Marine Biology Trip to Chincoteague
Marine biology students deepened their understanding of coastal ecology during a four-day trip with their teacher at the Chincoteague Bay Field Station in Wallops Island, Virginia.
This trip to Chincoteague has become a much-anticipated annual pilgrimage for the Science Department chair Dr. Nancy Burke and her seven students. While learning about the intertidal zone, dune ecology, and maritime forest ecology, the group motored through the bay on a boat excursion, gathered specimens, identified organisms in a lab setting, and got muddy! Mild weather allowed the young scientists to connect with the natural seaside surroundings. Miranda, Hannah, Camila, Karen, Mary Beth, Paola, and Kimen will undoubtedly remember this experience.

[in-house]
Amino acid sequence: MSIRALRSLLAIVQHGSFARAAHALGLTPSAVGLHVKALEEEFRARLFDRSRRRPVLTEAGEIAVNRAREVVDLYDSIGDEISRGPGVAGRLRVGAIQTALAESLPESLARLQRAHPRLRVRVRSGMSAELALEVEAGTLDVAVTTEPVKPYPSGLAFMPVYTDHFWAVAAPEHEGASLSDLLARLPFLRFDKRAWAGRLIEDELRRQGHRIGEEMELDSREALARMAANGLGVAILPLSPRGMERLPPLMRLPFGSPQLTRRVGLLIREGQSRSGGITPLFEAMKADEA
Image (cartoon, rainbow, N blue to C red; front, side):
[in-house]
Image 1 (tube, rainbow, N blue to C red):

According to their Programs Brochure, CBFS’s mission is to provide outstanding multi-disciplinary educational and research opportunities that celebrate the rich natural, cultural, economic, and technological resources of themed-Atlantic Coast region through field-based and hands-on learning. To accomplish its mission, CBFS collaborates closely with community partners such as NASA, US Fish and Wildlife Service, National Parks Service, and other public and private partners.
Prior to the excursion, Dr. Burke’s Marine Biology students completed a shark dissection lab. This intricate process allowed them to learn about fish and shark anatomy. Sharks are cartilaginous fish, named so because they have skeletons of flexible cartilage instead of rigid bone. The students identified the sharks’ organs and other features of the shark’s body.
Marine Biology is a year-long science elective open to students in grades 9 through 12. Visit the Science department’s web page to learn more about the core courses and elective courses available through Grier’s Science Department.